Let's Get This Straight

Will the real Moore's Law please stand up?

Published October 2, 1997 7:00PM (EDT)

moore's Law is a celebrated principle laid down by Intel founder Gordon Moore, which decrees that the number of transistors you can pack onto a chip will double every 18 months. It's thanks to Moore's Law that the computer you buy today costs roughly the same as the one you bought a few years ago -- but runs two or three times as fast. (You can also blame Moore's Law for making you think that you must have that newer, faster computer -- but that's another story.)

If you've been following the headlines recently, you know that something funny is happening to Moore's Law. It's "no longer true." Or it's about "to hit a wall." The process of chip development is speeding up -- but wait! It's about to slow down!

The latest round of kookiness about Moore's Law began on Sept. 17 with a front-page New York Times story by John Markoff. Headlined, goofily, "New Chip May Make Today's Computer Passé," Markoff's piece reported innovative new design techniques at Intel that basically allow engineers to pack twice as much information into the same chips. The story made clear that the technique is currently limited to a specialized form of chip known as flash memory. When most people think of Moore's Law and its implications they think about the microprocessor CPUs (Pentium, PowerPC and so on) that sit at the heart of today's computers. But Markoff's story nonetheless suggested that Intel's breakthrough "throws Moore's Law out the window."

Five days later, on the front page of the Times' business section, a story by Laurence Zuckerman reported another breakthrough, this one at IBM -- where scientists had figured out how to substitute copper for aluminum in microscopic chip circuitry, allowing an even greater degree of miniaturization than previously thought possible. Moore's Law, Zuckerman wrote, "must now be rewritten." In fact, the IBM breakthrough was "perhaps more significant" than the Intel announcement because it could be applied to all kinds of chips, and not just Intel's flash memory.

Throw it out the window? Rewrite it? Poor Mr. Moore! Technology's advancing even faster than he predicted. But wait a second -- didn't we read a year earlier, on the Times' very own Web site, about the "demise" of Moore's Law? According to that piece, by Ashley Dunn, Intel's engineers were actually falling way behind Moore's schedule of chip improvement rates : "With the introduction around the millennium of Intel's next generation P7 microprocessor, with about 10 million transistors, the company will have fallen hopelessly behind even the 18-month cycle, which predicts nearly 170 million components in 2000." If Dunn's math is right, then all the hoopla in Markoff's and Zuckerman's pieces about the chip business accelerating way past Moore's predictions is bunk, and these new innovations are actually proving Moore right -- they're allowing the chip manufacturers to keep up with his original forecast.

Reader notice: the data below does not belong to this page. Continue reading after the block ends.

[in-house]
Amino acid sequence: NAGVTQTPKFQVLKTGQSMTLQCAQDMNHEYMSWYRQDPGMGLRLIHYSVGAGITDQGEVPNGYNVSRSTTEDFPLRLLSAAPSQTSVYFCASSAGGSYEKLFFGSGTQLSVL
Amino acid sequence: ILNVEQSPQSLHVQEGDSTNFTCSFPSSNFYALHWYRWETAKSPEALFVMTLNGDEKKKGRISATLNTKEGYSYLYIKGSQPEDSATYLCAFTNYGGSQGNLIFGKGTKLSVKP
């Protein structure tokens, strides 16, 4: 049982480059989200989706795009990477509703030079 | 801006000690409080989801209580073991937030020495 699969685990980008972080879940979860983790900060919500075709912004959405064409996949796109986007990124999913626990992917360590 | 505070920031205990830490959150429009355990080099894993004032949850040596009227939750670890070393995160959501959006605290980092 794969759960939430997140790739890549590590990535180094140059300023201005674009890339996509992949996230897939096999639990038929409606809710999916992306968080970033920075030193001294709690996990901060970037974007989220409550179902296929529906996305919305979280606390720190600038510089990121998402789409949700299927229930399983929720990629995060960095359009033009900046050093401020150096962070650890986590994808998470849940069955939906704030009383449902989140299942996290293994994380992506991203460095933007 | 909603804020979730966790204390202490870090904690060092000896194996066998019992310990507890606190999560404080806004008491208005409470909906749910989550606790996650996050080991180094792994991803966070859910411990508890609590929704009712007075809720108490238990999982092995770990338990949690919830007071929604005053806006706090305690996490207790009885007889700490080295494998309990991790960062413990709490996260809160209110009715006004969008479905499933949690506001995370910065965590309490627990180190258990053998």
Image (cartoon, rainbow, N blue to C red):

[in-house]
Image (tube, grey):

There's yet further confusion: It turns out that there's disagreement over what Moore said in the first place. Most statements of Moore's Law peg it at the double-every-18-month rate. Yet Dunn's article reports that Moore's original 1965 prediction was an annual doubling, and chides Intel for "Stalinesque" revisions of the number to a current double-every-two-years prediction. Over at USA Today, Kevin Maney actually talked to Moore, who said he'd originally charted an annual doubling in 1965 and then revised it in 1975 to a double-every-two-years pace. So God only knows where the 18-month figure came in; maybe somebody just cut the difference between the 1965 and 1975 rates, and it stuck.

In the end, the real story about Moore's Law remains what it's been for several years now: Sometime in the next 10 to 20 years the pace of chip development will slow, as engineers get down so close to the level of individual atoms that they can't squeeze in any more circuits. CNet interviewed Moore earlier this week, and he confirmed the prognosis: "Some time in the next several years we get to some finite limits, but not before we get through five generations" -- five more rounds of microchip development, by which Pentium will have become something like Decium.

As Moore joked, "That's well beyond my shift." By then the technology writers will have to find someone else's law to kick around.

By Scott Rosenberg

Salon co-founder Scott Rosenberg is director of MediaBugs.org. He is the author of "Say Everything" and Dreaming in Code and blogs at Wordyard.com.

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